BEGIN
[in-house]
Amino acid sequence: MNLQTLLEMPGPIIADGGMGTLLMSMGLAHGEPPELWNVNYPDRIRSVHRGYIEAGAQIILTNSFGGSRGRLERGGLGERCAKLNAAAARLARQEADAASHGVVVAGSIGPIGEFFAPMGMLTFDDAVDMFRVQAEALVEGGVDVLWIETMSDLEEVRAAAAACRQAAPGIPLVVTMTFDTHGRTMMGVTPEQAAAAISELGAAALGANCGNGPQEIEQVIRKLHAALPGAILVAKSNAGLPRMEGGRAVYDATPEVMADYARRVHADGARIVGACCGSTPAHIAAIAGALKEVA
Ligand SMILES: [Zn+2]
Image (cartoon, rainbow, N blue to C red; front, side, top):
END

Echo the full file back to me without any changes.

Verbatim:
[in-house]
Amino acid sequence: MNLQTLLEMPGPIIADGGMGTLLMSMGLAHGEPPELWNVNYPDRIRSVHRGYIEAGAQIILTNSFGGSRGRLERGGLGERCAKLNAAAARLARQEADAASHGVVVAGSIGPIGEFFAPMGMLTFDDAVDMFRVQAEALVEGGVDVLWIETMSDLEEVRAAAAACRQAAPGIPLVVTMTFDTHGRTMMGVTPEQAAAAISELGAAALGANCGNGPQEIEQVIRKLHAALPGAILVAKSNAGLPRMEGGRAVYDATPEVMADYARRVHADGARIVGACCGSTPAHIAAIAGALKEVA
Ligand SMILES: [Zn+2]
Image (cartoon, rainbow, N blue to C red; front, side, top):